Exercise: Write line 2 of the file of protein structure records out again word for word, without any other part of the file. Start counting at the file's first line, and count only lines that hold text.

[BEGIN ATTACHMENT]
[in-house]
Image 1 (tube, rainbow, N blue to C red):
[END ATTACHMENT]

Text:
Image 1 (tube, rainbow, N blue to C red):